Today I bought my first hot cross bun for this year. Easter doesn't seem close but Lent has started, so I figure I'm entitled to have a hot cross bun now. Even though they've been in the shops for weeks, I've resisted. It's unseemly how quickly hot cross buns flood into supermarkets after Christmas, as if the supermarket conglomerates and marketing whizzes can't wait for us to get over one festival before focusing on the next.
I love hot cross buns but I'm a stickler for tradition. Some plump sultanas and a hint of rich spice are what make hot cross buns special for me. But today I've discovered that the hot cross bun has undergone a dazzling makeover to bring it into the modern era. I was offered the choice of the "traditional" (how dowdy and dismissive that word sounds when used in this context), the chocolate chip version, or this year's new offering, the mocha hot cross bun.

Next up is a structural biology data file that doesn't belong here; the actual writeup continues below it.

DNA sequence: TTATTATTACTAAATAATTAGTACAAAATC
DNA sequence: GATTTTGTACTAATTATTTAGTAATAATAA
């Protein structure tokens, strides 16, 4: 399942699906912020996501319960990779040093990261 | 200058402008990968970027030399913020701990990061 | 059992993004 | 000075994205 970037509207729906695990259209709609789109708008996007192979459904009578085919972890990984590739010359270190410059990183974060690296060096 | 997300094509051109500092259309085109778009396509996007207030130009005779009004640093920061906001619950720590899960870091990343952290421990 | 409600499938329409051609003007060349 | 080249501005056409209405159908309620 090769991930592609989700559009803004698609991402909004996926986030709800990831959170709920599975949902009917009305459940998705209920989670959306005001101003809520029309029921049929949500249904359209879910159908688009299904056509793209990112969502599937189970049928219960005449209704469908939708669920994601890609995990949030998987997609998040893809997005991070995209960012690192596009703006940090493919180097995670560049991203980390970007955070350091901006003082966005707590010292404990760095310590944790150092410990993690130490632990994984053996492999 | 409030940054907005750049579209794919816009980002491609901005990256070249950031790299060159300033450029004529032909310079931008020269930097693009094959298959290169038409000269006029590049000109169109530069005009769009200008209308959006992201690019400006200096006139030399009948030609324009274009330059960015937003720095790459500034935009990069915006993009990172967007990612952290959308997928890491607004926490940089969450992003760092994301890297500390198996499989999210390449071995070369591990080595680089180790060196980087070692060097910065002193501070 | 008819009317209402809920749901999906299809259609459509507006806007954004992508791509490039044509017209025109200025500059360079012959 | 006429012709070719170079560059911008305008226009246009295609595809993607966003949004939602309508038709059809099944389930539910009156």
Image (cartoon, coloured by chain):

Why? What marketing guru came up with this idea? If I want chocolate chips, I'll eat a biscuit. If I want coffee, I'll drink it. It may be old-fashioned but I can't see the point in tampering with traditional recipes just for the sake of it. There's nothing wrong with modernising or improving recipes but sometimes the quest for something new or different goes too far. The hot cross bun is not a plain bun, so why the need to cram more ingredients into it? Why not just develop a sweet mocha bun, rather than adding this flavouring to the humble hot cross bun?
Making changes to take account of modern ingredients and tastes is fine but I can't stand meddling for the sake of it. Is offering three types of hot cross buns part of capitalism's never-ending thirst for new, fresh ways to entice us to hand over our cash? Has our modern palate become so jaded that we need sensory overload to awaken it?